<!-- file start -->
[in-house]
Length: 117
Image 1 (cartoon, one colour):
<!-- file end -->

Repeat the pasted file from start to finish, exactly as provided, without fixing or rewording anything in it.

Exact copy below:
[in-house]
Length: 117
Image 1 (cartoon, one colour):